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Walter Biggins

I was 8 for 12. Not surprised that I missed the Dow Jones one or the filibustering one, but I am truly embarrassed about the Iraq/Afghanistan casualties and my Supreme Court/women answer. *sigh* Still, I did better than 73% of those who answered, so that's something, right? Right?

MCB

11 out of 12. I really had no idea what the Dow Jones average was.

chachabowl

Lance, thanks for the link, I got 11 of 12 right. Missed the one about imported oil.

Delicious Pundit

I got 10 /12 although I am still convinced the so-called "correct" answer to #1 is elitist.

What's also interesting is after when you see how many people got the questions right. Only 26% know how many votes it takes to break a filibuster! After a whole year of reporting about it! I think it's because there wasn't an "America Rock" about it. It's the kind of number which makes you think that maybe the American Revolution wasn't such a hot idea after all.

Ken Muldrew

10/12 (but I'm a foreigner). I missed the dead soldiers and the underpants bomber (the latter was the only one that I thought I was guessing at).

muddy

11/12, I also missed the one about importing oil.

Doug K

8/12

to my shame I remembered Justice Ginsberg but not Justice Sotomayor.. how soon we (I) forget.

thought it was probably China owning most of the debt but guessed Saudi Arabia. It's only #3, and at that it's lumped in with the other oil exporters. I was surprised Japan has so much, but I guess that was from the 80s when Japan was buying everything.
http://www.ustreas.gov/tic/mfh.txt

knew the filibuster was 60, but said 67 because of some dim memory that the rules were different for voting on a bill, and voting to bring the bill to a vote. So I thought it was a trick question..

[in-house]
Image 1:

67 is the number of votes for changing Senate rules, to stop the possibility of filibusters. I'm old and confused I guess.

Did not know where the underpants bomber was trained and guessed wrong. Oh well.

Alii

Also 8 out of 12. I'm pretty out of touch, so the only reason I was surprised is that I got two or three more than I thought I would.

Tim S.

I got 11/12, missed the % of U.S. oil imported. But seriously, the number of votes to break a filibuster? After all this recent talk about a "supermajority" and all that?

Michael Alan Nelson

12/12 but I guessed on the Dow Jones question. What I find interesting about the public results is that 6% did not correctly answer ANY of the questions. Even choosing at random should net you at least 1 correct answer. I'd be curious to see how much of that is the result of ignorance vs. misinformation.

Geoduck

Another 11/12, with the oil being the wrong one; I guessed one-half. The soldier-deaths was close to a blind guess.

Rana

11/12 correct - I also missed the Dow Jones question, giving an answer half of the correct one.

Linkmeister

12 for 12. It's no wonder they give the debt holder question two correct answers: keeping track of bond sales is no job for the lazy.

Victoria

I got 11 out of 12 and learned something about myself in the process: On the Dow question, I kept thinking 10,000 but willed myself lower in my answer. I actually tensed up doing that one! "Wow," I thought later, "you've become so hostile to Wall Street that you actually wish them unwell!" This is not good.

I sent this thing to a group of friends. I didn't ask for their results; I thought the value was for them to see how they did compared to the abysmal averages. But a number of people have gotten back to me and all are at 10, 11, and 12... even the two who live abroad. So no wonder I sometimes feel out of sync with the world.(My jaw literally does flop open when I watch the tea party people or Michelle Bachman.) I'm not hanging out with people who don't know this stuff.


Mike Schilling

Also 12/12, but educated guesses on the oil import percentages and the military fatalities.

Now, how about an important one, like the only player never to finish below ninth in MVP voting?

Chris G.